This situation results in various proprietary screenplay guru `story templates’:
But – we must ask – How were all these story / screenplay templates derived?
Was it by consilient, and empirical study? e.g.:
- Did these authors choose a clearly defined data-set of films?
- Did they do an empirical content analysis of those screenplays?
- Did they also do: a comparative study of unsuccessful films, noting the difference?
Did they arrive at their `story systems’ – by an analysis of various films chosen to illustrate – these film story “patterns”? (i.e. What Colin Martindale in The Clockwork Muse calls: `the proof by example method’)…
Also, can these same guru `story patterns’ also apply to movies that don’t succeed? (Answer: Yes.)
And – so, overall, what is the `consensus’ then – of the (current, problematic) dominant “screenwriting convention”?
(I assert that it is problematic – as 7 in 10 films lose money. Yet – almost 10 out of 10 of those films use the dominant “screenwriting convention”. That is at least a 70% `failure’ rate, in fact, it is closer to 90% `failure’ rate.)
Now it certainly may not be the fault of the screenwriting convention (and the `screenplay guru’ books.) But it would likely be much better, if the theories of successful screenwriting used consilient (scientific and empirical) methods
As a summary then (not fully comprehensive, but, indicative) – this, below, is –
How the Hollywood “screenwriting convention” – in general – tells it:
In more detail, the consensus of the Hollywood “screenwriting convention” tells it thus:
`Aristotelian’ 3-Act structure / `paradigm’ (but actually, this is: “4-act”?) (But – wait: Did Aristotle ever say “3 Acts?” No – he didn’t…)
- The `screenwriting convention’ says: You should have three “acts” in your screenplay: Act 1 – approx 25 mins; Act 2 – 60 mins; and Act 3 – 30 mins. But – in fact, they say you should have 4 “acts” – as the “middle, 2nd act” is split in half by a midpoint, and should be treated as 2 separate “acts”.
- (But wait: don’t a lot of the films that flop, also have this same structure?)
Character Arcs: Where the protagonist is transformed, (or “grows” psychologically)
- The convention suggests: Your hero/protagonist needs to “change”; grow; learn something by the end of the film story.
- (But wait: don’t a lot of the films that flop, also have this same structure?)
Narrative `closure’ – (usually, the Protagonist/Hero’s goal is achieved, and importantly, the Protagonist/Hero is still alive)
- At the end, all `loose ends’ should be tied up. Mission accomplished; or of Mission Failed, the hero still “learnt something”/was transformed psychologically.
- (But wait: don’t a lot of the films that flop, also have this same structure?)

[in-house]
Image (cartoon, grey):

Avoid Flashbacks and Voice-Over Narration
- McKee and others rail against Voice-Over (note: McKee also states Casablanca is “the perfect film”, but also note that: it has voice over.)
- Flashbacks are often frowned upon as `lazy/amateur storytelling’.
- (But many of the greatest films have voice over? Kubrick’s films, and see Primer (2004))
A Triumphant Hero (the `Good Guys’ win, and/or the `Bad Guys’/Villains/Antagonists get their come-uppance)
- Good triumphs over evil. Villains are punished…
- But arguably 17/20 of the top 20 RoI films are `Villain Triumphant’ stories?
A screenplay length of: 90 to 120 pages (90-120 mins).
- (But – Note that: in reality, a 120-page screenplay is ¼ harder to finance than a 90-page one, as it is roughly ¼ more expensive.)
- So, note – anything over 90 pages is less likely to get made.
Average scene length of: 2 mins 30 secs (McKee, in `Story’)
- But – these scene length “prescriptions” are not based on much that is empirical.
- (Where is the study of scene lengths? i.e. Where is the empirical data?)
Adaptations & sequels (Lord Of The Rings, Harry Potter, Twilight, Terminator 2)
- Sure – let’s study the big Hollywood blockbusters that – nobody but the established Hollywood writers get to work on anyway. (So, how is this relevant to 99% of screenwriters? And moreover – the `established Hollywood writers’ don’t need any screenwriting manuals anyway…)
- So, sure: go ahead and adapt a massive blockbuster novel (assuming that you can get the rights.) Why not. Just don’t expect that screenplay to get made – without you the writer/filmmaker getting fired first…
So – in short, this (above) is a summary of some of the key/core principles of what we all know, as: “the screenwriting convention’.
Also – I assert that – though they certainly need to be aware of these film story `principles’ above (the Hollywood “screenwriting convention”) these principles are – possibly – a waste of time, for around 99% of screenwriters/filmmakers.